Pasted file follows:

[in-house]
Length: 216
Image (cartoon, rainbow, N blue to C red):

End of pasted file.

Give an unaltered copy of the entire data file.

[in-house]
Length: 216
Image (cartoon, rainbow, N blue to C red):